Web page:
So you’ve finished writing your paper, and it looks marvelous, but there’s one thing that you still haven’t managed to crack in your presentation – the Thesis Statement. Make no mistake – don’t jumble it with a thesis paper, which is a separate project, not part of the regular paper you get from the course syllabus.
You’ve probably heard the term before, but you are unsure how to write a good one and make it shine. Let’s find out how to do it together.
What is a thesis statement, how long should it be, and where must you put it?
A thesis statement is a brief summary that describes the central premise of the paper. It helps to demonstrate your mastery of the subject and to create a context for your arguments. After reading your thesis statement, a reader should be able to understand your position and recognize your expertise in the particular field.
A thesis statement is usually only one or two sentences long, but it can sometimes be extended to a full paragraph. You won’t present any evidence in the thesis statement, as it is merely a description of intent at this stage.
A thesis statement is usually placed at the end of the first paragraph because this allows you to start the first argument easily. Alternatively, it can be written at the very beginning of the paper. You will repeat the statement at the end of the paper, where it will be more comprehensive and serve as a summary of your treatise.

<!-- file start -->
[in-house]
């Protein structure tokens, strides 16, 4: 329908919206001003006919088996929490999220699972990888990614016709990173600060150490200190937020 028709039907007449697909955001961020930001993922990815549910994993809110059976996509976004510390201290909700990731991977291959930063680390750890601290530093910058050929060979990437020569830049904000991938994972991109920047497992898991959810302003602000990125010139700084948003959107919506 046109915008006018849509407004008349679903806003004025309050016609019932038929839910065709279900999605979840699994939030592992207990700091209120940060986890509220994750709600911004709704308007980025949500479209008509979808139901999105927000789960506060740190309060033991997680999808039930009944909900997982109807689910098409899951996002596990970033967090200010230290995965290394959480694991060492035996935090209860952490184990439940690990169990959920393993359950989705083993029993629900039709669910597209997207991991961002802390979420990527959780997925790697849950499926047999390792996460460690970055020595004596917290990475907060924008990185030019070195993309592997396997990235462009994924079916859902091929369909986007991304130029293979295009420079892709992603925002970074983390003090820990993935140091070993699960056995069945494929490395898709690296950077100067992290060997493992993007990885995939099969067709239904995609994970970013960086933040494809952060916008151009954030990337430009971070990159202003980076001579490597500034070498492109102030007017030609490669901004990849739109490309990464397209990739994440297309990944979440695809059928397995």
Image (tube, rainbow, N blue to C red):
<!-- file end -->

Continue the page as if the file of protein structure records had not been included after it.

Common Types of Thesis Statements
Not surprisingly, there are several types of thesis statement that are suitable for various kinds of academic papers. Here are some more common ones:
- The Analytical Thesis Statement. As you will see from the provided example, this sort of thesis statement analyses the problem. It breaks down the issue into parts, components, and ideas, then evaluates it.
Example: The admission process to the National Football Academy reveals one challenge: whether to accept those students with healthy physiques or those with good cognitive skills.
- The Explanatory Thesis Statement. This kind of statement explains a particular kind of the problem.
Example: ESL teachers in Poland face three significant challenges in the classroom today: a lack of classroom utilities, an unhelpful administration, and large numbers of children in classes.